Perhaps she already was too old when she got here, she acknowledges without lament, as she describes her country music career that included some recording, mostly demos, but never flourished into star status.

Songwriting in her Celtic genre and otherwise is her preference. “I love being a part of the Nashville music community,” she says, noting that a similar close-knit community does not exist in Los Angeles.

Right now, her focus is on the show and getting together with “the girls” she’s worked with since the late 1980s, thrilling a few folks here and perhaps growing their fame beyond the West Coast community center and casino worlds.

“When the three of us walk into a room, it’s a party,” she says. “And there’s that amazing bond that happens when you sing harmonies with someone else, when you share the moments and the spotlight with your group members.

“I love to see them shine.”

She laughs again when I bring up the music selection, at least half of which is from Motown. There is no attempt to imitate nor emulate the original vocals. “We know we’re not Aretha, but we do the best we can,” she says. “We have our own kind of soul and we respect the music that broke down barriers.”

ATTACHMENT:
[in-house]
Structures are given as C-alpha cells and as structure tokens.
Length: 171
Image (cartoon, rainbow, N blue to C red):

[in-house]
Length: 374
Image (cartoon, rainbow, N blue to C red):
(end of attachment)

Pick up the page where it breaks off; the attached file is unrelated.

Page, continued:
And, whoever is singing those songs, “the fun factor has always been there.”

Laura nibbles a bit of an apple and picks up her lime water. “You need more ice?” she asks me, before noting that one of the best things about the upcoming production is that it is being staged in this, the first city that she’s ever considered “home.”

“Home is where I want to be,” says the Army brat, Parisian artist, L.A. showgirl and so much more who finally has found a place to plant lasting roots after a life’s wandering. “We all need a home base somehow, sometime.”

I can’t end this column without delivering more about George Foreman, the great boxer and red-meat-cooking-machine spokesman.

“We do a tremendous version of ‘The National Anthem’ in three-part harmony,” Laura says, noting that The L.A. Party Dolls have delighted with their true and soaring version most of the time (except once when they started too high and realized it and adjusted mid-song before “rockets’ red glare” disaster).

The most memorable version came when they were asked to leave the casino lounge stage for a few minutes and sing of bombs bursting in air in the Reno ring before the prizefight featuring the great heavyweight and some Palooka (Laura at first can’t remember the grill-master’s opponent, but my research reveals it was Jimmy Ellis, who, according to boxing archives was “out on his feet” early in that ’91 slaughter. … So much red meat for the grill-master.)

“We stood in the ring, with George Foreman just a few feet away,” says this lovely woman whose beehive is in another room of her Bellevue home.

“George made very quick mincemeat of the guy.”